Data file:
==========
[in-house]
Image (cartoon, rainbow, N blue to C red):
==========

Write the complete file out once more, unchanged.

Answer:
[in-house]
Image (cartoon, rainbow, N blue to C red):